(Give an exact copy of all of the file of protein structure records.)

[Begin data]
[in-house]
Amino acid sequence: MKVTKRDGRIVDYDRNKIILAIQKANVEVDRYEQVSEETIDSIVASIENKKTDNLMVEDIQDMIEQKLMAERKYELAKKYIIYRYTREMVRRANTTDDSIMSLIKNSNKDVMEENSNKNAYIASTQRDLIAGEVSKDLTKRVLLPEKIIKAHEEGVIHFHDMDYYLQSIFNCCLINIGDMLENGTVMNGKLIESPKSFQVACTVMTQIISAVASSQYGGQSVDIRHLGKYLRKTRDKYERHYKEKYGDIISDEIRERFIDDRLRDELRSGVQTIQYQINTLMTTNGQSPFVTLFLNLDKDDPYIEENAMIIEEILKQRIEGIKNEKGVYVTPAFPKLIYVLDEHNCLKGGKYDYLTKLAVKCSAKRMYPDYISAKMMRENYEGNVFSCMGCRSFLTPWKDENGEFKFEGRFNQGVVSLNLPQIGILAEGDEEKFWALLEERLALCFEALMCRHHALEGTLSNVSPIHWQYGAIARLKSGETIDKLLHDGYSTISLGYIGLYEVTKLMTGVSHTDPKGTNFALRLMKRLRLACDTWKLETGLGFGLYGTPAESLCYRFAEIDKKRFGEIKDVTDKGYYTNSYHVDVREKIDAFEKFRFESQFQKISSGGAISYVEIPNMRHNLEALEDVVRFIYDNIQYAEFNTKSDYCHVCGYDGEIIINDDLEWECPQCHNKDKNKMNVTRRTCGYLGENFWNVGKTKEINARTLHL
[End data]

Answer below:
[in-house]
Amino acid sequence: MKVTKRDGRIVDYDRNKIILAIQKANVEVDRYEQVSEETIDSIVASIENKKTDNLMVEDIQDMIEQKLMAERKYELAKKYIIYRYTREMVRRANTTDDSIMSLIKNSNKDVMEENSNKNAYIASTQRDLIAGEVSKDLTKRVLLPEKIIKAHEEGVIHFHDMDYYLQSIFNCCLINIGDMLENGTVMNGKLIESPKSFQVACTVMTQIISAVASSQYGGQSVDIRHLGKYLRKTRDKYERHYKEKYGDIISDEIRERFIDDRLRDELRSGVQTIQYQINTLMTTNGQSPFVTLFLNLDKDDPYIEENAMIIEEILKQRIEGIKNEKGVYVTPAFPKLIYVLDEHNCLKGGKYDYLTKLAVKCSAKRMYPDYISAKMMRENYEGNVFSCMGCRSFLTPWKDENGEFKFEGRFNQGVVSLNLPQIGILAEGDEEKFWALLEERLALCFEALMCRHHALEGTLSNVSPIHWQYGAIARLKSGETIDKLLHDGYSTISLGYIGLYEVTKLMTGVSHTDPKGTNFALRLMKRLRLACDTWKLETGLGFGLYGTPAESLCYRFAEIDKKRFGEIKDVTDKGYYTNSYHVDVREKIDAFEKFRFESQFQKISSGGAISYVEIPNMRHNLEALEDVVRFIYDNIQYAEFNTKSDYCHVCGYDGEIIINDDLEWECPQCHNKDKNKMNVTRRTCGYLGENFWNVGKTKEINARTLHL